I mentioned in the previous post how much we loved our hotel in Provence, Mas D'Aigret. The family running the place really was amazing and thoughtful with their hospitality. When we arrived they offered us the family room at the same price as the regular (cheaper!) triple room I had reserved, and whose rate I had already negotiated down. Yeah! It ended up a perfect floor plan for us and was the cherry atop our Provence vacation. Connor loved running in circles through the 2 bedroom with adjoining bath suite. And she fell especially hard for the 3 mice stuffed animals in Mom's room. Together they named them "Mouse, Mous-ie, and Mouse-lette!" We looked up the words to "Three Blind Mice" and sang it more times than we want to remember. Funny how such a simple addition to a room can make all the difference! The view from our hotel was a showstopper. I couldn't believe our luck to be right in the middle of nowhere and for 'nowhere' to be so comforting and spectacular. That said, Mas D'Aigret was also in the middle of everything in terms of the tourist towns and attractions. This hotel was the first where I didn't find the recommendation from a guide book, but rather on Tripadvisor. Finding a hotel that was available, reasonably-priced, and central actually proved pretty difficult (guess it is a popular time of year) so I was delighted the choice was a good one. I mean, just check out these views from our room.... The patio below our room was green and festive. Mom and I agreed this would be the perfect spot for a wedding/wedding party.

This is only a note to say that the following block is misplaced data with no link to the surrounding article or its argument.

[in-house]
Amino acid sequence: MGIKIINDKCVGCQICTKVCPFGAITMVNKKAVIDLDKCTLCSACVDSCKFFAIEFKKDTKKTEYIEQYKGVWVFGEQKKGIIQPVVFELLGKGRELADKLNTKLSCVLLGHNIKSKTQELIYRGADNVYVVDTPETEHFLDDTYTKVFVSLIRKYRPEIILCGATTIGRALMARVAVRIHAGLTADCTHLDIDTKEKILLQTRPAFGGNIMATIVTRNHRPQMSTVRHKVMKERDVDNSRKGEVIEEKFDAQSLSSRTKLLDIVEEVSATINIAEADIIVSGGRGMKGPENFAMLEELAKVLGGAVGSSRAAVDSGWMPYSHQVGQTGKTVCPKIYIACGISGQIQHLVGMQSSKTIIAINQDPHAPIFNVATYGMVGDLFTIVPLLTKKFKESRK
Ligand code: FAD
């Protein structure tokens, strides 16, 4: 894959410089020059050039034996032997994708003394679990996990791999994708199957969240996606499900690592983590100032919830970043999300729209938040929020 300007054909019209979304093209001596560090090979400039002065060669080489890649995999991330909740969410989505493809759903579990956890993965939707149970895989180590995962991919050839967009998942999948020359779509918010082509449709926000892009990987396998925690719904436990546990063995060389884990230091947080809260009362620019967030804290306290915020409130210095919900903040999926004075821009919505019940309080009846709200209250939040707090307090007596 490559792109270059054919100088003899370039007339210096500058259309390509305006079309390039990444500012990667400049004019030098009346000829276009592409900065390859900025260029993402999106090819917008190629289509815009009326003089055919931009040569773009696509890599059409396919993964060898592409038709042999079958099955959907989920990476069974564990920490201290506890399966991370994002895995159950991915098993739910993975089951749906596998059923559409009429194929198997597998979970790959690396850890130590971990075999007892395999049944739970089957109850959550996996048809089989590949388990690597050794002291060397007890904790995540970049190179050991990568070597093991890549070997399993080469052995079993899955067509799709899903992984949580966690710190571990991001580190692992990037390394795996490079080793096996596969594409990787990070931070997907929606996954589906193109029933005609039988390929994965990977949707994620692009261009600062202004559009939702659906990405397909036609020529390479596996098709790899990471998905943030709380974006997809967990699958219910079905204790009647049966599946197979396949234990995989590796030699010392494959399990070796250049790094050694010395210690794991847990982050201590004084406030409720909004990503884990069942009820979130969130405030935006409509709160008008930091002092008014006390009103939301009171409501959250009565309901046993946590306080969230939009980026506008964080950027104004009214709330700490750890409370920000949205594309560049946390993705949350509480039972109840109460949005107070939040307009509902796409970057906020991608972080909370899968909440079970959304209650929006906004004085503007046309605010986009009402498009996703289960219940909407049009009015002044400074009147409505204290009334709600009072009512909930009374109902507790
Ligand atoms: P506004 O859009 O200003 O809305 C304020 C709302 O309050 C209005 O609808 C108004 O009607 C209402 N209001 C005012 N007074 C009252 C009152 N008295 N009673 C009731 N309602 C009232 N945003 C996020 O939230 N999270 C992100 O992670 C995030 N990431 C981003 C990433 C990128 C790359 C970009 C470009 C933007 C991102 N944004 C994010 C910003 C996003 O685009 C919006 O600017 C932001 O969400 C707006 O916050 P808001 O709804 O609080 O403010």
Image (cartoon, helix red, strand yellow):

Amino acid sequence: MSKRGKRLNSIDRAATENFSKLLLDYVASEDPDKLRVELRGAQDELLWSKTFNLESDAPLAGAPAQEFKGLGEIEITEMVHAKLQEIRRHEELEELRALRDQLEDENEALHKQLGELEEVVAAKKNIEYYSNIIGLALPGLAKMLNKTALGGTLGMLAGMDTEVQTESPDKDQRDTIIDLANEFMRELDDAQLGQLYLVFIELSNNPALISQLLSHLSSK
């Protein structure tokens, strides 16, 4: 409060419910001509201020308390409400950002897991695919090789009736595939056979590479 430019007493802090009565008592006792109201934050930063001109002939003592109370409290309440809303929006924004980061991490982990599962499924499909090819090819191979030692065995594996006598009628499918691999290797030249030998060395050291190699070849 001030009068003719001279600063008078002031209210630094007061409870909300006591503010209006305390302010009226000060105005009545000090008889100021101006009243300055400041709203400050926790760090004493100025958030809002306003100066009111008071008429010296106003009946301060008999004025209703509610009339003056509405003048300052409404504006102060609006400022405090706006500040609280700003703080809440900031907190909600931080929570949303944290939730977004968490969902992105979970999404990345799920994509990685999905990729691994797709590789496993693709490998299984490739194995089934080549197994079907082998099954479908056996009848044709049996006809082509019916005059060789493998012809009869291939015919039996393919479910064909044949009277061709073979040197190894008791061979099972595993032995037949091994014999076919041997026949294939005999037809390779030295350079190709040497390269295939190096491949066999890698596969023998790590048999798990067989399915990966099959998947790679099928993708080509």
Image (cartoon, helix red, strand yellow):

When my Mom planned her trip we wanted to get out into the European countryside and to enjoy the experience without having a million city sites to see. So we thought Provence, France would be the perfect spot. We stayed in a country town called Les Baux-en-Provence nestled in the enormous rocky faces of Alpilles mountains. Our hotel, Mais d’Aigret, was a wonderful spot in the middle of nowhere and we adored our ‘family room’ with 2 separate bedrooms and an adjoining bath. The walls were stone and very fitting of the Provencal motif. I was shocked by Provence. Not sure what I was expecting but the huge stone mountains were indeed inspirational and made me want to pull out my paintbrush and do what Van Gogh, Cezanne and so many did here – capture the changing light all over the landscape in a painting. Day One and we explored many of the Luberon Hill towns in Provence. Breakfast in the charming town of Lourmarin started us off right. We picked up bread and pastry at a boulangerie and absorbed the foggy start to what was to become a hot, blue sky day. I love this photo. I mean does it get any more "French" than this? Buying bread on a Saturday morning with Mom in a pink princess dress...Next we traveled through Bonnieux, over the remaining Roman bridge of St Julien Bridge, and into the photographer’s dream town of Roussillon. Rick Steves calls Roussillon the "Santa Fe of France", and indeed with the brilliant red rocks against the adobe type architecture it is easy to see the comparison. Mom found a tablecloth for a bargain price and I loved the dramatic colors of the village. What a find! We also drove to the Abbey de Senanque which is pictured in so many postcards with purple lavender fields all around. The lavender is a month away from blooming, but we could see a tiny hint of the purple hue. We drove through the bustling town of Gordes and it looked like a fun place to linger longer too - but you know us, we had to keep pressing on. Next up was a visit to Avignon. This walled city was literally built into the rock and beside a river that was once the home for the Popes…another Vatican and the home of Christendom. In the 1300s the Vatican moved the entire headquarters of the Catholic Church to Avignon. I gather from our books that a French pope was elected and at the urging of the French king, Pope Clement V decided he'd had enough of unholy Italy. So he loaded up his carts and moved to Avignon. The Catholic Church literally bought Avignon and popes resided here until 1403.